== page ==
When moving through a conductive material in an electric field, electrons tend to follow the path of least resistance—which runs in the direction of that field.
But now physicists at Massachusetts Institute of Technology (MIT) and the Univ. of Manchester have found an unexpectedly different behavior under very specialized conditions—one that might lead to new types of transistors and electronic circuits that could prove highly energy efficient.
They’ve found that when a sheet of graphene is placed atop another 2-D material, electrons instead move sideways, perpendicular to the electric field. This happens even without the influence of a magnetic field—the only other known way of inducing such a sideways flow.
What’s more, two separate streams of electrons would flow in opposite directions, both crosswise to the field, canceling out each other’s electrical charge to produce a “neutral, charge-less current,” explains Leonid Levitov, an MIT professor of physics and a senior author of a paper describing these findings in Science.
The exact angle of this current relative to the electric field can be precisely controlled, Levitov says. He compares it to a sailboat sailing perpendicular to the wind, its angle of motion controlled by adjusting the position of the sail.
Levitov and co-author Andre Geim at Manchester say this flow could be altered by applying a minute voltage on the gate, allowing the material to function as a transistor. Currents in these materials, being neutral, might not waste much of their energy as heat, as occurs in conventional semiconductors—potentially making the new materials a more efficient basis for computer chips.
“It is widely believed that new, unconventional approaches to information processing are key for the future of hardware,” Levitov says. “This belief has been the driving force behind a number of important recent developments, in particular spintronics.”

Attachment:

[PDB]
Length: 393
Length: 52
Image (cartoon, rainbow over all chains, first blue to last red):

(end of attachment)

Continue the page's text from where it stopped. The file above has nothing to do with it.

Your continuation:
The MIT and Manchester researchers have demonstrated a simple transistor based on the new material, Levitov says.
“It is quite a fascinating effect, and it hits a very soft spot in our understanding of complex, so-called topological materials,” Geim says. “It is very rare to come across a phenomenon that bridges materials science, particle physics, relativity, and topology.”
In their experiments, Levitov, Geim and their colleagues overlaid the graphene on a layer of boron nitride—a 2-D material that forms a hexagonal lattice structure, as graphene does. Together, the two materials form a superlattice that behaves as a semiconductor.
This superlattice causes electrons to acquire an unexpected twist—which Levitov describes as “a built-in vorticity”—that changes their direction of motion, much as the spin of a ball can curve its trajectory.
Electrons in graphene behave like massless relativistic particles. The observed effect, however, has no known analog in particle physics, and extends our understanding of how the universe works, the researchers say.
Whether or not this effect can be harnessed to reduce the energy used by computer chips remains an open question, Levitov concedes. This is an early finding, and while there is clearly an opportunity to reduce energy loss to heat locally, other parts of such a system may counterbalance those gains. “This is a fascinating question that remains to be resolved,” Levitov says.